An Eventful Year

2018 was a year full of surprises. Colorado passing Amendment X, The Farm Bill, California’s industry revelations and more. This year had its ups and downs, it’s issues that split the community, but overall the industry is in a better place than it was a year ago.

More states have legalized both recreationally and medicinally, cannabis is more acceptable in social culture than ever before, and more people are learning about the lies they were told during the drug war movement. Some are already saying 2019 will be the year of weed, while others think the bubble is bound to burst any day now.

We’ll just wait and see what’s in store for cannabis in 2019!

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California Legalization: farmers stand up!

California Legalization: farmers stand up!

California cannabis farmers: We have been fighting for cannabis legalization for 80 years. On paper it is finally coming all over the country and the world.

Some of the most restrictive places in the country like Arkansas and Nevada have embraced legal cannabis. Colorado has pioneered the legalization and regulatory environment.

We have literally paved streets that haven’t been fixed in years, and millions and millions of dollars are going to the school systems in association with cannabis sales. On the surface, it appears that the tide is changing. We need to check the tide chart.

The fight is not over. Throughout every single legal state there are county representatives, the board of supervisors, mayors, sheriffs, parent groups and political organizations that are quietly applying pressure to the regulated cannabis movement. Just because the governor or your state representative or your voters change the laws on cannabis regulation does not mean that cannabis is legal commerce in your state or town.

California cannabis legalization

Specifically throughout California, the cannabis legalization movement is being challenged by regulatory agencies and special interest groups. While the good farmers of America are tending their crops, back room deals and political pressure will make it difficult to operate a regulated legal business.

On the surface the cannabis regulatory environment has been successful in Humboldt County. A common stat that is used is that we have 20% of the licensing in the state. These are all temporary licenses and not permanent ones. I believe many of these temporary license holders will not be able to gain a permanent license.

There are absolutely political forces against the cannabis grower to be successful.

Regulation roadblocks

One of the first struggles in legalization is between the policing agencies. The sheriff, the police and Fish and Wildlife have all been responsible for policing the cannabis industry in the past. Many of these people have embraced new cannabis regulations. But there is an old guard that does not agree with government and voter passed laws.

They are the ones who are out to get us.

It isn’t paranoia. These are just facts. We’re not playing cops and robbers anymore, however many people in the policing arena still want to play that game. Environmental and neighborhood groups that are in the minority are speaking up against cannabis legalization. In our current 2.0 designation for new cannabis operations, many outrageous restrictions have been inserted into these new laws.

Unrealistic zoning designation and industrial controls are currently being placed on the cannabis industry.

Is it discrimination?

I spoke recently with Steve Lazar of the Humboldt County Planning Department, and he feels that cannabis is not like other crops and should be treated totally different.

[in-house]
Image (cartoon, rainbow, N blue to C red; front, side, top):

I’m pretty sure we all call this discrimination. To treat one group of people differently than you treat another people. Or in this case to treat one business differently than you treat another business. If a hog farm, chicken farm or dairy farm has certain regulations then those are the type regulations the cannabis industry should have. They should not be any easier or more restricted than any other agricultural product.

I’ve seen this type of attitude for years. While good cannabis folks are working hard, toiling away in their businesses and being successful, they were still judged by neighbors and peers for having an easy life. We’ve all heard, “I should just grow a ton of weed and everything will be OK.”

Those of us that have done this know how hard that statement is, and that you deserve any payment associated with your hard labor.

Time to take the reigns

I’m here to say if we want a legal, functioning cannabis system in Humboldt, the farmers are going to have to step up!

You are going to have to embrace your neighbors and talk to them. You have to bring up the conversations about what you’re doing and how you’re doing it, because many of them still have this projection that you’re a mega diesel grow dumping crank oil into the creek.

We have to come out of the dark and tell people what we’re doing.

Ganja farmers need to realize how to be political and call up your representatives at the local and state level. Whether it is a board of supervisors or the school board or the Waterboard it is time for us to come out of the darkness and be the leaders that we are. To all the outlaws out there who are bucking legalization, I want you to think back to how it used to be before 215. It will go back to that.

Without a 215 defense the whole cookie crumbles. In the past all you had to do was have your script and maybe some scripts of other patients and you could grow as much as you wanted. If interdiction showed up they would take everything and maybe you would receive three years probation. This is all going to change, and it’s going to change rapidly. I do not want to see my friends or family in jail again over cannabis regulations and laws.

The time is now. Your phone is already in your hand, so call up your local representative and express concerns. The Board of Supervisors knows the importance of cannabis farmers. They will listen.

The Profit bob Marley said it best, “get up stand up, stand up for your rights,” and now is the time to stop singing and start doing.